(Reuters) – Tropical Storm Julia dumped heavy rains along coastal Georgia and South Carolina on Wednesday, weakening as it drifted north along the U.S. Southeast coast, the National Hurricane Center said.
The storm, centered around southeastern Georgia, had gusting winds as strong as 40 mph (65 kph). Heavy rain and high tides threatened low-lying coastal areas prone to flooding, such as parts of Charleston, South Carolina, forecasters said.
“It’s weakening, but it will still continue to produce heavy rain and that is the main hazard that we are concerned with,” said Bob Bright, a meteorologist with the National Weather Service in Charleston.
Julia, the 10th named storm of the 2016 Atlantic hurricane season, is expected to weaken to a tropical depression on Wednesday as it moved north at 7 mph, the Miami-based hurricane center said.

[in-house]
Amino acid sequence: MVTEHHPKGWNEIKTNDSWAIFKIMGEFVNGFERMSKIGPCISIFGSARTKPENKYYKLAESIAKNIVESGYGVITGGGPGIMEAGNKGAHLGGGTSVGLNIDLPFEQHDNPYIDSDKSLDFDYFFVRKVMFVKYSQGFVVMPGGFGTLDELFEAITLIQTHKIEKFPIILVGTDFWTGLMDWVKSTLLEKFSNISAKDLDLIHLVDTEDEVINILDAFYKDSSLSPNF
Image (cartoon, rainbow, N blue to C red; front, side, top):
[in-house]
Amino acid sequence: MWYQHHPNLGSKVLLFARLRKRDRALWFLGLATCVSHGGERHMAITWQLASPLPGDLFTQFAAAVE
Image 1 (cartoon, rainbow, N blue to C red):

At 8 a.m. (1200 GMT), Julia was about 10 miles (16 km) west of Brunswick, Georgia, the hurricane center said.
Northeast Florida felt the storm’s strong blasts and bands of rain after it came ashore late on Tuesday around Cape Canaveral, forecasters said.
The National Weather Service in Jacksonville, Florida, whose coverage area includes southeastern Georgia, had received reports of toppled trees, but not significant structural damage on Wednesday morning, meteorologist Scott Cordero said.
“We had some pretty good winds associated with it,” he said. “She is starting to lose her tropical characteristics, as she is remaining mainly landlocked.”
(Reporting by Letitia Stein in Tampa, Fla., Brendan O’Brien in Milwaukee, and Swati Verma in Bengaluru; Editing by Andrew Heavens and James Dalgleish)